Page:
– One disadvantage of Magnitsky legislation is that it could be applied selectively and could lead to more litigation.
* * * * * * * * * * * * * * * * * * * *

(Source:
Volkov Law Group Blog, 28 Sep 2018. Reprinted by permission.)
 
* Author: Michael Volkov, Esq., Volkov Law Group,
mvolkov@volkovlaw.com, 240-505-1992.
 
Traditionally, businesses were able to prepare for changes in laws and regulations in advance by monitoring legislative and regulatory actions in Washington, D.C. and relevant state capitols. Agencies would initiate rulemakings and give notice to interested parties of new or changed rules. Congress would consider legislation and it would be subject to some kind of “regular order” or process.   In the “good old days,” businesses had time to plan and anticipate potential changes. All of that has changed now. Government policy is a rapidly moving target and can even occur instantaneously – by tweet or other new communications message.
 
I recognize that this is a bit of an exaggeration, but my point is to emphasize that organizations have to remain nimble and responsive to a business landscape that can change overnight. Trade tariffs, sanction lists, cyber threats, employment and immigration policies; these are just the most recent examples of laws, regulations and attitudes that can change rapidly.
 
To remain compliant, companies have to maintain a regulatory compliance program that is tailored to today’s fast paced environment. That means a process that can quickly assess new risks, revise the company’s risk profile and then tailor compliance policies and procedures to meet these changing risks. It is no longer acceptable for corporate compliance programs to be so rigid and formal that updates take months or years to be implemented.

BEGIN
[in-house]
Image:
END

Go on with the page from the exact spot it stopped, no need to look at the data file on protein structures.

Given the speed at which regulatory bodies are now releasing information on enforcement decisions, and settlement actions and so on, the tedious plea that “the Board is working on it” is no longer acceptable.
 
A good compliance program must allow the compliance team to address changes to government policies and initiatives quickly and provide staff with enough information and guidance so they can make informed decisions.
 
The Credit Suisse FCPA settlement is a prime example of an enforcement initiative by the government – while many of us are aware that hiring relatives of our customers and clients can be a minefield, until BNY Mellon, JP Morgan, Qualcomm and Credit Suisse were penalized, many companies had not thought about formalizing a policy on this issue. It was left to management discretion, or rather, the abuse of discretion.
 
Many of our firm’s clients have already taken advice on the implications of hiring employees from this type of employee pool and are rolling out policies as we speak. The most important piece of advice to heed in this day and age of “policy by tweet” is do not delay. So, too, in the hotly debated areas of trade regulations, tariffs and sanctions. In these areas where the government has mandated a position, it pays to consult counsel and act swiftly.
 
Given the speed at which government policies are changing in today’s business environment, having an effective, flexible and responsive compliance policy is more vital than ever. The consequences of delaying an important update to your policy because of overly-rigid processes can be high and can detrimentally affect the bottom line.